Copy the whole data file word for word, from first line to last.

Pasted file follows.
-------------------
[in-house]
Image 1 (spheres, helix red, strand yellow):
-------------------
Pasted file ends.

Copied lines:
[in-house]
Image 1 (spheres, helix red, strand yellow):